AOIT is enabled at Medium quality settings and above, and it can be switched off and on with the Advanced Settings menu. GRID 2 uses Medium quality settings by default on all 4th gen Intel Core processors.
Instant access: Lessons learned
The 4th generation Intel Core processors brought two new extensions to DX11 graphics. Pixel synchronization was heavily used in GRID 2. What about instant access?
Instant access provides access to resources in memory shared by the CPU and GPU. Since GRID 2 already used direct memory access on the consoles, at first we assumed it would be easy to also use on the PC. Systems, like particles, ground cover, crowd instance data, and crowd camera flashes, all accessed the vertex data. Instead of giving an immediate speedup, instant access actually introduced stalling in the render pipeline. DirectX was still honoring the buffer usage and would wait to unlock the resource if it was already in flight to the graphics engine.
We could have added manual double-buffering to work around this, but we realized that the driver was already doing a good job optimizing its usage on the linearly-addressed memory, so we weren’t likely to see a large speedup. As a result, instant access wasn’t used in GRID 2.
We talked about a few ideas that could have given performance boosts, like using instant access for texture memory. GRID 2 doesn’t stream the track data, and only a small number of videos are uploaded during a race, so we didn’t expect a large gain. After that, we focused our attention on pixel synchronization since we had such obvious benefits from that extension in this game.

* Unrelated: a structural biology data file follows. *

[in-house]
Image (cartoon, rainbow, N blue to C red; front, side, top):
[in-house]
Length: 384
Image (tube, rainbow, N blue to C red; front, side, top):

Your game may take advantage of instant access in several ways. Instant access might give faster texture updates from the CPU (working on native tiled formats), since your game will avoid the multiple writes that come when the reordering data for the driver. Or you may find major gains accessing your geometry if you have a lot of static vertex geometry with small subresource updates per frame.
Try it out, and see!
Anti-aliasing: Big improvements
Anti-aliasing helps games look great. Multi-sample anti-aliasing (MSAA) is commonly used and supported by Intel graphics hardware, but it can be expensive to compute. Since GRID 2 has a very high standard for visual quality and run-time performance, we weren’t satisfied with performance trade-offs for enabling MSAA, especially on Ultrabook systems with limited power budgets. Together, Intel and Codemasters incorporated a technique we’ll call conservative morphological AA (CMAA).
While you should look for full details on CMAA in an upcoming article and sample, we’ll outline the basics. As a post-process AA technique, it’s similar to morphological AA (MLAA) or subpixel morphological AA (SMAA). It runs on the GPU and has been tailored for low bandwidth with about 55-75% the run-time cost of 1xSMAA. CMAA approaches the quality of 2xMSAA for a fraction of the cost. It does have some limited temporal artifacts, but looks slightly better on still images.